These sound great. I keep telling myself I will read more and always have 3 or 4 in progress. Just finished "Go Set a Watchman" (I know, I'm behind the times - but I thought it was very close to being as good as "To Kill a Mockingbird" and recently read "Bible of Clay" by Julia Navarro - fascinatingly detailed merging of fictional adventure with history and anthropology" akin to Dan Brown's books but oh, so much better! Currently I am reading and thoroughly enjoying, J.K. Rowling's "The Casual Vacancy", Julia Navarro's "Shoot Me I'm Already Dead", "The Road to Cana" by Anne Rice, and "Bread Upon the Waters" by Peter Reinhart (bakers/cooks should especially enjoy this). Tops on the "next up" list are "Angela's Ashes" (I told you I'm more than a little behind the times!) "Baptized with the Soil", "A Child Called It" (I don't need to say it again), and Neil DeGrasse Tyson's "Astrophysics for People in a Hurry". But, like life, plans change - so who knows what will actually be next to be read.
I'd love to see your reading lists from previous years and am looking forward to looking into the list above and the suggestion from your other comment writers.
Thanks - From one Dusty Lady.
 
Not sure whether or not my additional comment was posted before my computer threw a fit. I'm a YA fan too - especially since fewer writers seem to be "writing down" to youth. "Define Normal", by Julie Ann Peters (I think) drew me back into them as an adult; "Touching Spirit Bear" by Ben Mikaelsen is another I enjoyed as well as "Where the Red Fern Are" which I could never read to my middle schoolers without tearing up. Read the Harry Potter series and The Hunger Games with the older set of GDs now in high school. Level 2 GDs are just getting into the young adult literature so, since I no longer teach middle school, I would appreciate suggestions for books to read with them. I am looking forward to soon introducing the youngest level GDs (2 1/2 & under) to Roald Dahl, Thornton Burgess, and, of course, Dr. Seuss. By the way, I don't remember whether I mentioned Anne Rice's "Out of Egypt" earlier - really captivated by her storytelling and so have her "The Road to Cana" at hand.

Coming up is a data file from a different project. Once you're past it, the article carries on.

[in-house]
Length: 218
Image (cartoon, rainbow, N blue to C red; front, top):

VDoyle ~ Thanks for reminding me about The Distance Between Us, it’s on my Wish List and is #2 on my non-fiction to-read list. Very timely --

Karen ~ Fascinating recommendations, all new to me, also on my Wish List. The Soul of an Octopus sounds especially intriguing, I’m thinking it might be a good choice for my book club’s Christmas book?
 
I felt the same about Lincoln in the Bardo. Actually, I listened to it on audio and thought I might have appreciated it a bit more if I would have read it.

A book I find fun on audio is "Kitchens of the Great Midwest." I've listened to it a couple of times and love the narration and storyline. You'll love it especially if you are a foodie. :-)
 

Post a Comment

Thank you for taking a moment to write! I read each and every comment, for each and every recipe. If you have a specific question, it's nearly always answered quick-quick. But I also love hearing your reactions, your curiosity, even your concerns! When you've made a recipe, I especially love to know how it turned out, what variations you made, what you'll do differently the next time. ~ Alanna